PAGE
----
A few years ago, when the controversy over Native American nicknames for
sports teams was first boiling over, a rather politically incorrect thought popped
into my head.
Whether silly or just stupid, most of the names all seemed to denote a symbol
of strength, or at least, of ferocity. So when some wondered aloud how Jews
would feel if teams were named the "rabbis," for instance, or the "Jews," I
had a different reaction.
It occurred to me that if, in the Western imagination, the word "Jew" had
conjured up images of ferocity and fearlessness in battle the way Indian names
always did, then maybe the history of at least the first half of the 20th
century would have been less unpleasant for the Jewish people. I still think that's
an interesting possibility, but it appears that a Dutch soccer team is
answering my supposition in a way I didn't quite anticipate.
SOME SOCCER JEWS
According to a March 28 story reported by The New York Times, supporters of
Amsterdam's Ajax soccer team call themselves "Jews," wave Israeli flags at
games, and flaunt Star of David tattoos to prove their allegiance to their team.
The origins of the identification of the team with Jews is somewhat hazy. But
fans of other teams have always referred to Ajax as "the Jewish team," and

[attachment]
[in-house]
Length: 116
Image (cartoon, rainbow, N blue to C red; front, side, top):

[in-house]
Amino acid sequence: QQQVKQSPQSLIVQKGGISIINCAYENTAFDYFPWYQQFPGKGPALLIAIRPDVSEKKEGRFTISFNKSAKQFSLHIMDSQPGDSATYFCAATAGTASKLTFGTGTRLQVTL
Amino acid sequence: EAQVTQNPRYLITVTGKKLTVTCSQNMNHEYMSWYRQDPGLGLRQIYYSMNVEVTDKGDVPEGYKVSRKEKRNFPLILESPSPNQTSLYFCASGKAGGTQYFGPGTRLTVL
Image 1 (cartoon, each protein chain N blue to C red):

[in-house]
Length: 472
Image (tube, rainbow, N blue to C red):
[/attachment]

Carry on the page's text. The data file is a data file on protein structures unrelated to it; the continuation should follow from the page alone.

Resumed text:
Ajax's non-Jewish rooters have, apparently in defiance, taken the term as a
badge of honor.
Lest you think this is merely a harmless manifestation of a sports
subculture, it appears that Ajax's opponents are prepared to take the "Jews" at their
word. Rooters for clubs from Rotterdam or the Hague have been known to chant
"Hamas" at matches with Ajax. Even worse, they chant "Jews to the gas" or, as
Times' correspondent Craig S. Smith ominously noted, simply hiss "to simulate
the sound of gas escaping."
The team is trying to get its fans to drop the Jewish stuff to avoid these
disgusting scenes, but both Ajax partisans and their rivals seem unlikely to
drop either the Magen Davids or the anti-Semitic jeers.
All of which just exemplifies that European anti-Semitism is so virulent and
adaptable a virus that it can find a haven even in the playing of games, where
virtually no Jews compete.
Spectator sports are supposed to be havens from the travails of the real
world. That's why so many of us, male and female, rely on them so heavily.
For example, what else would unite a people as divided as the population of
Israel (the real "Jews") as sports? Indeed, it is arguable that most Israelis
are at least as obsessed with the possibility that their national soccer team
will be able to win a coveted birth in next year's World Cup as they are about
Knesset votes on disengagement from Gaza. After ties against favored France
and Ireland this past week they might be on their way to a minor miracle.
To get into the World Cup tournament, the Israelis have to fight an uphill
battle by playing against the more established European teams instead of their
Middle Eastern neighbors. That's because Arab countries still won't play
Israel, a prejudicial practice that has been accepted by soccer's international